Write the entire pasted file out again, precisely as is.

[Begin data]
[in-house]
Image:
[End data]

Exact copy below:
[in-house]
Image: